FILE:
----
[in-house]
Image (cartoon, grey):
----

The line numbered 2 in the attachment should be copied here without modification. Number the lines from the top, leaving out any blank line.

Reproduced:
Image (cartoon, grey):